Pro-unionist group gave DUP £425,622 for Brexit campaign

Constitutional Research Council donated £425,622 to DUP for Leave campaign

Jeffrey Donaldson  denied suggestions the DUP broke the spirit of electoral law with its Metro wraparound, circulated only in Britain. Photograph: Brian Lawless/PA Wire

Jeffrey Donaldson denied suggestions the DUP broke the spirit of electoral law with its Metro wraparound, circulated only in Britain. Photograph: Brian Lawless/PA Wire

 

The Constitutional Research Council (CRC) has been revealed as the pro-union group that donated £425,622 to the DUP’s Brexit campaign.

On Friday morning Sir Jeffrey Donaldson, the DUP’s defence spokesman told Radio Ulster the DUP spent just over £425,622 (€504,098) on its UK-wide Leave campaign, spending some in Britain and some in Northern Ireland.

He said the party was “delighted” it had been able to raise the money and that the Electoral Commission had allocated it the capacity to raise up to £700,000.

The CRC is headed by Richard Cook, a former vice-chairman of the Scottish Conservatives and Unionist Party.

Sir Jeffrey described him as a “very credible, respectable person”.

Pressure has been building on the DUP to reveal who made the large donation to advertise its pro-Brexit position in Britain ahead of the EU membership referendum last year.

Questions have dogged the party since prior to polling day on June 23rd when Leave campaign literature in its name was published as a wraparound on Metro newspapers not sold in Northern Ireland.

Historically, because of a perceived security threat to donors, the electoral law in Northern Ireland says donors remain anonymous and are not made public and open to the same scrutiny as in Britain.

However, the Alliance Party and Green Party in the North publish information on their donors on their websites and the Northern Secretary James Brokenshire is in consultation with Stormont parties about changes to the current procedure.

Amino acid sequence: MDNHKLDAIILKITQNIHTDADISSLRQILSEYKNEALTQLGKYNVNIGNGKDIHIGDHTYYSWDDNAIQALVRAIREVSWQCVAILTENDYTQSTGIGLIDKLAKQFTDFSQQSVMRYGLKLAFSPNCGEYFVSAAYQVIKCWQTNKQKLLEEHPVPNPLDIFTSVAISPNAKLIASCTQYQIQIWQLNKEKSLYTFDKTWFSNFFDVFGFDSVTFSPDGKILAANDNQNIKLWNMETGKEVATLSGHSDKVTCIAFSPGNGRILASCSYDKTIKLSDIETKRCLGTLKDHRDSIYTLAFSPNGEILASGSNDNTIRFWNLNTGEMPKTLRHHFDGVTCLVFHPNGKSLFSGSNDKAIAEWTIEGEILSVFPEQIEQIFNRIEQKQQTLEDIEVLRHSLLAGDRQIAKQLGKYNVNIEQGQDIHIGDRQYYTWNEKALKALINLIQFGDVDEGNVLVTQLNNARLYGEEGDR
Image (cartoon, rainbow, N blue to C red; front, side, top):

The Electoral Commission is expected to publish all Brexit campaign spending amounts later on Friday.

‘Shadowy group’

Sir Jeffrey described the CRC as “a pro-union, unionist organisation based in Great Britain” which had been involved in politics in Britain.

“It approached the DUP to support our campaign during the referendum because it supports unionist causes in the United Kingdom, ” he said.

He also rejected suggestions the money had been channelled through Northern Ireland to take advantage of electoral law around anonymity.

“The Leave campaign had raised the maximum amount that they were permitted to spend so they couldn’t raise any more money.

“It was open to any political party to register for the referendum campaign. We registered before we raised this money so there was no question of somebody coming to us and saying ‘look, if you register we can channel money through you’, that simply didn’t happen.

“We registered because we wanted to be involved at a national level because we recognise the population of Northern Ireland is 3 per cent of the United Kingdom.

“This referendum was not going to be won or lost in Northern Ireland, it was going to be won or lost on a national basis and that is why the DUP being a unionist party decided to participate in the national campaign.”

Sir Jeffrey denied suggestions the DUP broke the spirit of electoral law with its Metro wraparound, circulated in Britain, saying it was a UK-wide referendum and the party had received “very positive” feedback to it.

“It would reach far more people and get our message to far more people than if we simply put it into a Northern Ireland paper,” he said.

“This way we reached millions of people.”

The Herald newspaper in Scotland described the CRC as a “shadowy group” and said its business leaders are “preparing to invest even more in opponents to Scottish independence should Nicola Sturgeon call a second referendum”.